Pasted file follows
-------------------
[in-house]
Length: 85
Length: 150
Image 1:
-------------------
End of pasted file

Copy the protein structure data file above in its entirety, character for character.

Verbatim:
[in-house]
Length: 85
Length: 150
Image 1: